CLOSE-UP: LIVE ISSUE - Adland must convince clients of the power of ad production

Two senior industry figures debate the winning ads at the 2003 BTA Craft Awards.

RUSSELL RAMSEY, creative director, Bartle Bogle Hegarty

There's never been a better time to be making TV commercials. Great directors, great editors and great sound designers are all at our disposal, backed up by the latest technology. Led by the usual suspects - Frank Budgen, Danny Kleinman, etc - and the newer boys such as Nicholai Fusilig and Nick Gordon, the UK is producing some of the most well-crafted ads in the world.

The thing that unites these people is their passion for their craft and their obsession with detail. They know that a great ad has to have great everything. From framing and composition to sound and graphics. That's why the best directors surround themselves with the best people. We have a duty to give them interesting and entertaining scripts that allow them to contribute to full effect.

Strong, simple ideas that allow the director room to manoeuvre. We need to allow the editor the freedom to pace things properly without forcing in extra, unnecessary shots. Titles and graphics need to be free from over-restricted corporate guidelines. When film people are given the right script, they can deliver in spade-loads. See Nike "stickman frisbee", Xbox "ear tennis" and Honda "cog" for details.

All these ads use sophisticated post-production and it's this area that has moved on the most in recent years. Computer-generated images have had a major impact on commercials production. Anything is possible. Men behaving like fish (Johnnie Walker), fish behaving like cars (Audi).

Honda "cog" couldn't have been made even a few years ago. An apparently one-take ad made up of dozens of complex components. But these ads don't just stop at clever computer jiggery-pokery, every other detail has been considered and perfected. The film stock, the grading, the sound, the character of voiceover. Care and attention are what it's all about.

Great TV production isn't just about the big-budget jobs. Of course it's great to see the likes of Guinness "surfer" when they come along, but low-budget films can deliver just as much interest and entertainment. What about the brilliant John Smith's ads from last year, four people sitting in a curry house?

The Radio 1 Xtra "street music" ad is beautifully put together, filmed in an unglamorous location, it's all the fresher for it and has a soundtrack that only someone who cares deeply about these things could have mastered.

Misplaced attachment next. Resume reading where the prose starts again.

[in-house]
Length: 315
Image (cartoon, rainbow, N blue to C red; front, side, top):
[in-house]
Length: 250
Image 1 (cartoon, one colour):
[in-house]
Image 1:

Not having big budgets requires us to think harder and be more inventive. Braver choices of directors, deeper searches for music, finding people who are on their way up and have a passion for film.

Most clients think that money spent on media is money well spent and money spent on production is at best a necessary evil and at worst wasted.

We need to make every penny count but also convince them that the value they get from fantastically produced commercials is more than worthwhile.

STEPHEN GASH, joint managing director, Large Corp

Craft? A black art or something so obvious it leaps out of the screen and knocks you between the eyes.

A bit of both probably. Looking at the winners of this year's British Television Advertising Craft Awards - all of the specialist skills of which the industry is so rightly proud are alive and kicking.

If asked whether the ads that went to the podium last week would have been good enough to win in previous years, then the answer - from where I'm sat at least - is a resounding "yes". The winners gained unanimous approval from the audience (try saying that about D&AD or Cannes) and are a tribute to people who perhaps don't get the recognition they deserve.

The list of finalists was almost self-selecting. Anyone who's worth even half their salt in this business should know quality when they see it - and the Craft Awards made sure this quality was recognised.

And guess what? We are already looking at the finalists for next year. Frank Budgen's TBWA PlayStation2 spot, Ivan Zacharias' new Honda "little thing's that work" ad for Wieden & Kennedy - you just know they'll be collecting shiny things for the next 12 months. An appearance at the Craft Awards 2004? Dead cert.

So far so good ... But if I do have a worry about "craft", it is this. Last week's heroes won craft awards because (as it so accurately says on the tin) they were exactly that - crafted. And crafting something takes time.

If you were to ask anyone concerned with any of the winning ads (and, to save you the bother, I have), they all enjoyed a sensible amount of prep time.

Craft isn't a line in a budget. It's not a bolt-on element that turns up at the shoot on the day. It's an ingredient that the director (and the team of people he or she brings together on the job) can add to a production given sufficient time.

Mark Denton didn't just put "Bad Barnet" on the A-to-Z for Brylcreem, he brought the whole damned place alive through the ideas he generated for elements outside the spot itself. And Nick Gordon's Radio 1 Xtra promo took a great idea and added layers of interest not just through collaboration with the team but also with his heads of department (not least through astonishing sound design).

If the production process is condensed into five days from script to shoot, don't expect too much "craft". But give the director as much lead time as possible and they in turn will try and draw on all the expertise they can access in an effort to add something special to every aspect of the commercial.

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